Then, Sergey explains how every angle inside the circle is expressed in terms of arcs that its edges cut out in the circle. The class continues, next problem: finding the sum of the angles in the star. Sergey proposes a very surprising bonus construction: draw *any* circle containing the star, and make the calculation of angles using the measures of the obtained arcs on this circle. One of the boys asks, “*but how to think about it yourself?!*” and Sergey says, “*some things are hard to think of, you have to learn them from others*” at the Math Club!

The class ends with a beautiful problem, Maria says. The goal is to prove that some quadrilateral is a rhombus. Sergey explains an old idea, coming from Egypt : “*to be able to work with objects, one has first to name them, ABCD for the quadrilateral, for example.*” The students react directly.

Andrey is not bad but Arkardy is a much better name for a rhombus! Arkardy the rhombus!”

Thinking about problems and chatting at the same time, students do the work, and the solutions emerge little by little.

## Not everything can be solved by money

Almost fifteen years ago, Maria has started her first mathematical club in Khabarovsk in the Mathematical lyceum. She didn’t know “*how to do it as a pro*“, didn’t know about a famous “*sheet system*” yet (at each class the students are given a list of problems of rising difficulty on the same subject, working on the same set of techniques). “*I was just solving math problems with children*“, she says. Since her start in 2008, many things have changed. Today, with a team of enthusiast colleagues, Maria guides three different math clubs in Khabarovsk, for all ages of students in every club, two of them in strong math schools and one, since 2017, for the Khabarovsk city. “*The math olympiad community in Khabarovsk is growing but the system is not yet established here* *yet*, she says, *and lots of work has to be done.*“

This is not only the question of salaries. Not everything can be solved by money. The problem is that here it is not like in Moscow or Saint Petersburg where any student from the mathematical faculty can teach at a math club, we have trouble finding people who want and can teach. I see two ways of solving this: either finding young people with bright minds, motivated to work with children, with no necessary mathematical background, and to speed-teach them solving olympiad problems; either to call for math teachers via extra qualification courses on olympiad math that they have every five years. Some teachers are very motivated, and stay six hours listening to me about olympiad mathematics. Some say, why do I need your olympiads, if I already have 50 hours of working hours per week?”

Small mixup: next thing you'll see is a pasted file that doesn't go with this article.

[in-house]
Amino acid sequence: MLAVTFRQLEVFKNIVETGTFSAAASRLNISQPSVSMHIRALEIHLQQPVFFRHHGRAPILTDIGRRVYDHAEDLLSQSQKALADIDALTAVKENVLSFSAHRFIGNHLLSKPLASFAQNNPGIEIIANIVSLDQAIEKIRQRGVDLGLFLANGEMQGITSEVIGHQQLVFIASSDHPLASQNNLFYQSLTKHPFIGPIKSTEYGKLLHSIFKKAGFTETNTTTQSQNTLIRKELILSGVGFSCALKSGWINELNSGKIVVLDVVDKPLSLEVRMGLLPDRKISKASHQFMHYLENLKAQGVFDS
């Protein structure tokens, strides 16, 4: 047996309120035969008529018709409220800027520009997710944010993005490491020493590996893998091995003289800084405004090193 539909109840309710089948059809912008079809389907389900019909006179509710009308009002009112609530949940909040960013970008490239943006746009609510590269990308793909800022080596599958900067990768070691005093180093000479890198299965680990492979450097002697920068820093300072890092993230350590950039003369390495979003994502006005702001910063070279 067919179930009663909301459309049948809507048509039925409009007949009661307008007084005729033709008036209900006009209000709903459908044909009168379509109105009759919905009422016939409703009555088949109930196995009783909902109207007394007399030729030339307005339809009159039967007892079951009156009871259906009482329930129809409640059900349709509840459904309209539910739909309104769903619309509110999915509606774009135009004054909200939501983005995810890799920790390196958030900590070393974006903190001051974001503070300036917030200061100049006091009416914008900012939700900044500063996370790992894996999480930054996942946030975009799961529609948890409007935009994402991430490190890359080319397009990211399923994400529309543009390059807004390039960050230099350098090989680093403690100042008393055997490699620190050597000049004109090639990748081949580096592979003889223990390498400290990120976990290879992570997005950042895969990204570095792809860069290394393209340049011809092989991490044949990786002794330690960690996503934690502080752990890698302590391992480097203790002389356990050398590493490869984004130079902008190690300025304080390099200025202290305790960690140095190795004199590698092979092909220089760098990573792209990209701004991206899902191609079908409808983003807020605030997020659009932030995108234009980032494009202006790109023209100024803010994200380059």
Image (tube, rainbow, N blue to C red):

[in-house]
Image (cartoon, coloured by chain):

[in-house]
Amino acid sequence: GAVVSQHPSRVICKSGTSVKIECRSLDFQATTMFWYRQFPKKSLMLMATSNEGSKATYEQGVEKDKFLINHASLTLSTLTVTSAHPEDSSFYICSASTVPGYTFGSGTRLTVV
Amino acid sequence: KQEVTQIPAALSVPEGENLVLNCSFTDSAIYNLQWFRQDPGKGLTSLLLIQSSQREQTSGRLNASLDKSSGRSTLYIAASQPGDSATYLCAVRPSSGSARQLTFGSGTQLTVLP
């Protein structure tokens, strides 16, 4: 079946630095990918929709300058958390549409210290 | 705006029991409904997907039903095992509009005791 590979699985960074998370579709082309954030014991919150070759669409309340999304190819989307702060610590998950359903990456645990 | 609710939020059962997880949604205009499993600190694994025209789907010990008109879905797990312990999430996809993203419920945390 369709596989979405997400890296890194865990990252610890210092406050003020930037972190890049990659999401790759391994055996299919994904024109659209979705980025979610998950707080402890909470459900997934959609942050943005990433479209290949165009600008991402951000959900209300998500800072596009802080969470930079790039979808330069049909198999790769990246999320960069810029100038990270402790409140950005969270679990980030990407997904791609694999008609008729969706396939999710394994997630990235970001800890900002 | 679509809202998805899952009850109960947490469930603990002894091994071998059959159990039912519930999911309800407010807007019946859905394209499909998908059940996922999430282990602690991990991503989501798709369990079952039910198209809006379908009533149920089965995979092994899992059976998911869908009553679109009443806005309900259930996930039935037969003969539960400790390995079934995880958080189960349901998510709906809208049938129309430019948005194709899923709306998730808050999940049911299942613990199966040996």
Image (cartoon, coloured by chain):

## Sergey and Maria

Sergey and Maria are both from the Far East and both very active in the mathematical education in Russia. They met around ten years ago, when they were both examinators at the regional (Far East) level of the All-Russian Mathematics Olympiad.

Meeting Sergey was one of the important steps for her path as an olympiad math teacher, Maria says. In particular, he taught her the existence of the site problems.ru where for every theme (as logic, algebra, geometry, combinatorics) and every difficulty, one can find a list of original problems from olympiads and math clubs over all the country, which was an amazing revelation for her.

Sergey started his PhD in topology in Moscow Pedagogical University but then came back to Komsomolsk-na-Amure to become a math teacher. Teaching math is what he wants and knows how to do, his mission, he says. He taught in Komsomolsk for a long time, and got tired from the administrative work that teachers need to do, and went to work in Sirius, where teachers get much more liberty. “*That’s a big loss for Far East*, Maria says, *that Sergey left to work in Sirius. But I am ver*y *happy that he always come back — to participate in the olympiads, or to teach a course. Not everybody does.*“

Maria advances mathematical education in Khabarovsk in an impressive way. That’s what she answers to the question why this matters.